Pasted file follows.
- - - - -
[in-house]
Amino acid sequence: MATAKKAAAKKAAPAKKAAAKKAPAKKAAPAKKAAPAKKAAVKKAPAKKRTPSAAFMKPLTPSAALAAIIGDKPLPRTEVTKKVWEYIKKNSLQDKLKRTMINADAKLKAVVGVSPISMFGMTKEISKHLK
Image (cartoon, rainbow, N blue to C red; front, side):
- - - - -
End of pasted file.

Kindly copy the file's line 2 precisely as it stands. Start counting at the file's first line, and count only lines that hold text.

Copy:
Amino acid sequence: MATAKKAAAKKAAPAKKAAAKKAPAKKAAPAKKAAPAKKAAVKKAPAKKRTPSAAFMKPLTPSAALAAIIGDKPLPRTEVTKKVWEYIKKNSLQDKLKRTMINADAKLKAVVGVSPISMFGMTKEISKHLK